When feast turns to famine for a freelance journalist it's the rudeness which smarts

This week marked World Mental Health day. Here journalist Jim Butler writes candidly about the toll taken when feast turns to famine for a freelance.

Tick tock, tick tock… time’s unremitting onward march can be excruciating. I sit here, surrounded by the collateral damage of nearly 20 years working in the media — magazines strewn everywhere and long-forgotten (and never listened to) CDs sent by long-forgotten PR companies piled precariously — and time, the inexorable passing of time, is a constant reminder that my life, my professional life at least, has ground to a shuddering halt.

The lot of a freelance journalist isn’t meant to be easy. Especially a jobbing, non-name, freelance journalist such as myself. You’re always chasing. Chasing work, chasing money, chasing recognition. Chasing, chasing, chasing. I can handle the rejection — that’s entry-level stuff — but the accompanying rudeness, the lack of replies from former colleagues, smarts.

Feast and famine, they often say. Apart from one month (earlier this year, ironically enough), I’ve never known the feast. Today, after nearly three months of meagre work and one regular well-paid job being abruptly pulled from under me, I am beginning to familiarise myself with the famine.

Time, time, time… I’m reminded of that Steve Miller song, Fly Like An Eagle: ‘Time keeps on slipping, slipping, slipping… into the future’. Yes, Steve ‘The Joker’ Miller.

But this is no joke – ok, maybe gallows humour. Time has slipped into the future that I hoped would never come. The dread is real.

When the plug was pulled on my aforementioned job in the summer, alongside a few other bits and pieces ending — websites closing; new editors bringing in their people… the commonplace experience of a writer in 2017 (don’t do it, kids!) — I knew I had around two-to-three months’ financial grace. Surely, I’d be able to secure something in that time? Time. Time. Time.

“Something will come up, surely,” said my wife, trying to lift my spirits when the call came. “It always has before.” Well-meaning friends repeated this mantra.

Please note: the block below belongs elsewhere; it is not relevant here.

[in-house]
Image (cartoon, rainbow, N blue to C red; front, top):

All I could think of was: ‘But what if it doesn’t?’ I only had to be unlucky once. Yes, work has magically appeared at the 11th hour before and I’ve managed to snatch victory from the jaws of defeat. But penury, as I’m finding, is both a resistant and unfortunately persistent fucker.

So, in modern parlance, we are where we are. Or, more specifically, I am where I am. Emails have been fired off; LinkedIn has proven to be as much use as a battered air conditioner in hell. I’ve been promised work, but to date, nothing has materialised.

Fellow hacks have generously passed on contacts, but again, nothing.

Meanwhile, all around me are magazines I used to work for but have now shuffled off to that great media graveyard (possibly my office) in the sky: Jockey Slut, Observer Music Monthly, The Face, Jack… My once glorious (joke) past poking me in the ribs.

What’s the answer? I don’t know. I know I’m not going to find it on Facebook, the BBC’s Sport website or the Guardian, with their constant financial favours to ask of me. But still I look. My Fantasy Football team should be doing a hell of a lot better than it is, I do know that.

And then there’s the not-so-small matter of my family. Three children. A mortgage. The bills. The credit cards. I’m not naturally given to optimism, but I try and keep it together in front of the kids.

Sometimes Captain Cheerful decides to take the morning off though. Like yesterday. The eldest refused to acknowledge where his reading record was. I knew where it was. He knew where it was. I lost it. (As an aside, it’s said marriage, divorce and moving house are among the most stressful things an adult can experience. Getting two recalcitrant children out of the house and off to school in the morning is up there.)

This is not who I want to be. I need help. With Mental Health Day reminders popping up all over social media yesterday, I wonder whether I’m depressed. I don’t think I am. I don’t have the wherewithal or the capacity to commit to it.

I hear myself telling my eldest to be determined when he plays football. And when he listens and takes heed it plays dividends, as ten goals in four matches this season attest. I need to take my own advice. Perhaps. Hopefully, an old friend who is now a performance coach can kick me into shape.